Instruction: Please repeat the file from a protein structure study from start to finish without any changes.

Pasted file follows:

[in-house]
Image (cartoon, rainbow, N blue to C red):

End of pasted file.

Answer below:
[in-house]
Image (cartoon, rainbow, N blue to C red):